Construction Contracts – Suspension (Payment Suspension on Insolvency)
When a contractor or subcontractor becomes insolvent, it is common for the contract to provide for a suspension of all further payments. The suspension generally continues for a year or longer. By the time the payment becomes due, the payer introduces various reasons for not paying. These include set-off for additional costs suffered due to the insolvency, delay and defect rectification costs. The result is often that the outstanding payments are not recovered.
Following insolvency, sometimes significant sums are tied up under payment suspension provisions. This can be particularly disadvantageous for contractors where practical completion of a project has been achieved, but the developer has been slow to make the last one or two interim payments. If the slow payments push the contractor into insolvency, the suspension provisions render any prospect of trading on all the more unlikely.
Since 1 October 2011, new legislation has introduced restrictions on the use of payment suspension provisions (see s.111(10) of the Housing Grants Construction and Regeneration Act 1996 (revised)). Now most payment periods that have started in a construction contract before the contractor’s insolvency may not be suspended following the insolvency. This means that the payer must still pay the amount due by the final date for payment, even if that date occurs after the insolvency. The only time this does not apply is if the insolvency occurs after the last date on which the payer could issue a pay less notice under s.111(3) HGCRA. This is usually up to 7 days before the final date for payment of an amount due.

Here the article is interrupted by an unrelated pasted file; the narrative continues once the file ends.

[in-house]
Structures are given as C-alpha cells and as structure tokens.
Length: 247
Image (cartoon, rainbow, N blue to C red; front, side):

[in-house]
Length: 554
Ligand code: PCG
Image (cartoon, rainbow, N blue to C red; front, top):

The same principle may apply to past payment periods where the payer has not paid an amount due. Although the legislation is unclear in this regard, there is certainly a reasonable argument that past payment periods cannot be suspended.
None of this prevents contractual, equitable or insolvency set-off by the payer. However if the payer decides not to pay, the payer may be forced to explain the basis on which he is not paying, rather than just rely on a suspension provision. In turn, unless the payer has valid reasons for not paying, the insolvent contractor may enforce payment.
For insolvency practitioners of insolvent contractors and sub-contractors it is important to be aware of this new legislation. This is firstly because where there are live contracts before the insolvency (which were entered into on or after 1 October 2011), consideration should be given to when an appointment is made. If possible it should not be after the last date for the payer to issue a pay less notice. This is to prevent the payer from suspending payment for that period. Further, where payment is not suspended there is quite likely to be an opportunity to recover, at an early stage, payments which were previously out of reach.